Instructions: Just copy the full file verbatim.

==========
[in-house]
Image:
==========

[in-house]
Image: